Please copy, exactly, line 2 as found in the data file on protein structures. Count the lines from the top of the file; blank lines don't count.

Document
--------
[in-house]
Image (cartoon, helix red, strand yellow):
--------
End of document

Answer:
Image (cartoon, helix red, strand yellow):